Detailed underwater views of the Campeche Escarpment are now available to researchers and the public on Google Earth and Google maps.
Credit: Google Earth
This article was updated at 12:55 p.m. ET on Dec. 11 to add comments from the project's lead researcher.
Scientists have mapped a dramatic undersea cliff in the southern Gulf of Mexico that could hold clues to the ancient cosmic collision that wiped out the dinosaurs.
Stretching some 372 miles (600 kilometers) long with steep sides that rise about 13,100 feet (4,000 meters) above the seafloor, the so-called Campeche Escarpment might rival a wall of the Grand Canyon in its splendor were it not underwater.
Scientists are interested in studying the cliff in part because it is located near the site of a devastating asteroid or comet impact that occurred 65 million years ago. Researchers believe the crash sparked firestorms and sun-blocking dust clouds that led to a global extinction event, ending the dinosaurs' 150-million-year reign on Earth. [Images: Undersea Search for Clues of Dinosaurs' Demise]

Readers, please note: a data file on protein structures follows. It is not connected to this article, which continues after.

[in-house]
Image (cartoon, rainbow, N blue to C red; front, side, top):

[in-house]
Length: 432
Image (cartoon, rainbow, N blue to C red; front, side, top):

The impact crater that was left behind, called the Chicxulub crater, is buried deep underneath the Yucatan Peninsula today. So far, researchers have only been able to access impact deposits at the site by drilling deep boreholes on the peninsula. But some researchers suspect more impact deposits might be exposed underwater, along the Campeche Escarpment.
In March 2013, a team of scientists with the Monterey Bay Aquarium Research Institute (MBARI) set out to explore the cliff aboard the research vessel Falkor, operated by the Schmidt Ocean Institute. Using multi-beam sonars, the researchers created the first detailed maps of the cliff, which have been incorporated into Google Maps and Google Earth.
Over time layers of sediment or rock accumulate on top of older layers, making a vertical slice through a system like the Grand Canyon somewhat like a timeline of the past, with the most recent layers on top. Based on the new maps, MBARI scientist Charlie Paull thinks there is visible evidence of such geological processes in the Campeche Escarpment, where exposed layers represent deposits from before, during and after the impact. Images from MBARI even show the spot where Paull and colleagues think layers from Cretaceous age meet younger sediments deposited after the impact event.
Further study of these sediments might shed light on the destruction unleashed by the ancient impact. The researchers hope it might be possible to collect samples from the Campeche Escarpment using underwater robots, or perhaps even manned submarines.
The work was being presented at the meeting of the American Geophysical Union in San Francisco this week.